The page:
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Whole Body Wellness


Meghan Hays develops an individual health and wellness plan for each of her clients.


Meghan Hays, owner and instructor at Meghan Hays Ayurveda, Pilates, and Reiki, grew up in Lafayette in a role-reversed household. Her stay-at-home dad did everything from cooking to carpooling, while her mom worked as a lawyer. “My mom’s legal career inspired me, and, after college, I was accepted to Tulane Law School,” Hays says. “That’s how I ended up in New Orleans in 2014.” So it was a turn of events for Hays when she decided to make a career out of fitness.

Hays’ parents inspired her from an early age to be healthy and fit, but it wasn’t until she was a first-year college student at the University of Virginia in 2000 that she became certified in group exercise. “I taught everything under the sun, from kick-boxing to aqua aerobics, throughout college and law school, and I eventually became a certified personal trainer through the American College of Sports Medicine,” she says. “After law school and passing the Bar exam, I realized I was completely uninterested in a law career (oops!). I had an epiphany one day, while walking my dog. I realized there was no reason I couldn’t make a career out of fitness, and, at that time, I was extremely interested in Pilates, or mind-body movement.”

Hays began a two-year journey to become a fully certified Stott Pilates instructor, and she bought a house in Uptown where she started a successful fitness business. What is now Meghan Hays Ayurveda, Pilates, and Reiki has been a work in progress ever since.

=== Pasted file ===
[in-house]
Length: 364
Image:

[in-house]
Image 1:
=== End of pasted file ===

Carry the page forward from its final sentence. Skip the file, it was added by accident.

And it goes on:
“I’ve evolved from working on the physical body through group fitness and personal training to working on the subtle/energetic body through yoga, Reiki and Ayurveda,” she says. “Ayurveda is the newest in the line of offerings for me, and I’ll be working on a 3,100-hour track to become an Ayurvedic doctor over the next two to three years. Currently, I’ve completed a 600-hour course to become an Ayurvedic health counselor. I assist people in improving their lives and health through diet and lifestyle modifications, based on the ancient and practical science of Ayurveda (often called the ‘sister science’ or ‘healing side’ of yoga). I’m in the middle of a 700-hour course to become a clinical Ayurvedic specialist; this next level will give me the ability to work very specifically with clients on their disease-management through herbal medicine, as well as diet and lifestyle practices.”

During an initial consultation in Ayurveda, clients learn about their inherent tendencies and about why their digestion, body and mind tend to go out of balance in certain ways. For example, Hays might help a client discover why he or she always get sicks in the spring or fall, or why certain foods, exercises or even scents present digestive or other challenges. “From an Ayurvedic perspective, all disease begins in the digestive tract,” she says. “So working on what and how we eat is of utmost importance. In addition, we would work on every part of your day by bringing in exercise, aromatherapy, sounds, spices, colors and self-care practices, which support your unique constitution.”